Homemade beans are not only yummy but, they also bring back fond memories.
As a kid, one of my favorite meals was Boston Baked Beans, Boston Brown Bread and steamed hot dogs. It wasn’t the most colorful meal, but on a cold, dreary day in New England, it hit the spot. In our family, beans were on the buffet at just about every family gathering and my grandmother Lucille was notorious for making a good batch. She even liked to add a side of thinly sliced raw onions mixed with a bit of white vinegar — the sweetness of the beans offset by the bite of vinegar and crunchiness of cold onion. Those old French Canadians. . .they knew good food!
In the 1930s and 1940s my relatives in the Fall River, Massachusetts area frequently used local bakers to cook their beans, especially during warm weather so they didn’t have to keep their ovens on for hours. While the ovens were still warm after bakery items were finished early Saturday morning, they popped in those bean pots, identified by an ID tag with the family’s name. Bakers tended to them all day, adding a little water to each pot as needed, and families picked them up late in the day. What a cool piece of history 🙂
What makes these Boston Baked Beans so flavorful is the use of molasses and salt pork. Since Boston was a trade route for rum in the Caribbean, and molasses is used to produce rum, Bostonians had easy access to it, so it ended up in bean pots across town. The challenge with molasses is the high level of sugar and calcium — great for keeping beans firm while cooking but, unfortunately, requiring extended cooking time (2-3 hours in a traditional oven). As for the salt pork, I imagine Bostonians had easy access to that too, since they cured the meat themselves. Whatever the history, the savory-sweet combination is a definite crowd-pleaser.
I think baked beans are best during cold weather because they warm up the whole house, and offer the most amazing aromas. I don’t make them often, but when I do, I love using my old bean pot. It was my mom’s, who received it as a wedding present, which means it’s more than 50 years old! Here’s a pic of all the good stuff in that old bean pot:
My husband, a native of Chicago, was fascinated by the whole bean-making process this week. He regularly asked when they’d be done and I regularly replied “When they’re ready.” When he finally tasted them, he exclaimed “These are delicious! I want more!”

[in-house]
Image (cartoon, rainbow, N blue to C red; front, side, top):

My first spoonful tasted like a step back in time 🙂
- 1 lb. dry navy beans
- ½ tsp. baking soda
- 4 Tb. dark brown sugar
- ⅓ c. molasses
- 1 Tb. dry mustard (I sometimes use plain yellow mustard for extra tang)
- 1 Tb. ketchup (optional, but delicious)
- 2 tsp. salt (I used kosher)
- ¼ tsp. black pepper
- 1 small onion, quartered
- ½ quart hot bean water (see notes)
- ½ lb. salt pork, cubed (traditionally this is used raw but you can saute it for extra flavor)
- Rinse beans in a colander; remove any stones or bad beans.
- Transfer beans to a large bowl and cover with cold water. Allow to sit overnight (at least 8 hours), uncovered.
- Drain water and transfer beans to a large sauce pan. Cover with fresh water, mix in ½ tsp. baking soda, and simmer on low heat.
- After about 30 minutes, check a bean to see if it’s soft. If not, continue simmering, but check every 10 minutes or so.
- When beans are soft, remove from the cooking liquid (but don't toss it!) using a slotted spoon, transferring them to a 1-quart bean pot.
- Heat oven to 325 degrees.
- In a small bowl, whisk together brown sugar, molasses, mustard, ketchup (if using), salt and pepper; add to beans, along with about ½ quart of the cooking liquid (enough to just cover the beans).
- Place salt pork & onion on top of beans.
- Cover and place pot in the oven.
- Check beans after 1 hour. If still not soft enough, return to oven, but check every 10 minutes.
Note 2: if you don't have a bean pot, simply use a crock-pot. After soaking and pre-cooking the beans, toss all the ingredients into a crock-pot and set to about 8 hours. Keep an eye on them to ensure there's still enough liquid in the pot. If they start looking dry, simply add more bean water.